Roald Dahl’s look at the British Empire through his two short stories “Poison” and “Man from the South”


  • Luis de Juan University of Zaragoza



Roald Dahl, short stories, British Empire, colonial(-ist) literature, postcolonial studies


The aim of this paper is to analyze two of Roald Dahl’s short stories, “Poison” and “Man from the South”, beyond the classical approach to Dahl’s fiction. If Dahl’s adult fiction is most often read in terms of its extraordinary plots, as well as its macabre nature and unexpected endings, my intention is to look into both stories in the light of postcolonial studies. Not only is this approach justified on account of the setting where the stories take place, India and Jamaica, once part of the British Empire; the pertinence of such a reading is underlined by the presence of a number of elements that are commonly found in colonial travel narratives and which therefore place Dahl’s stories in relation with a very different literary tradition, colonial literature.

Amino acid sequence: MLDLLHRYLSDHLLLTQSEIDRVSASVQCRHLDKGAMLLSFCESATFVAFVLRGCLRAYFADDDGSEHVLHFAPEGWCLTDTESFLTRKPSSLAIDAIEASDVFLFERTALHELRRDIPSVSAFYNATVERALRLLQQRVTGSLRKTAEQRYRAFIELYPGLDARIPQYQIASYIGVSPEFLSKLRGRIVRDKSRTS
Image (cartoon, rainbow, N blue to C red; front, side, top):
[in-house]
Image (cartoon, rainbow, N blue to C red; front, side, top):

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Author Biography

Luis de Juan, University of Zaragoza

Centro Universitario de la Defensa de Zaragoza

Departamento de Idiomas

Senior Lecturer


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How to Cite

de Juan, L. (2017). Roald Dahl’s look at the British Empire through his two short stories “Poison” and “Man from the South”. Journal of English Studies, 15, 53–70.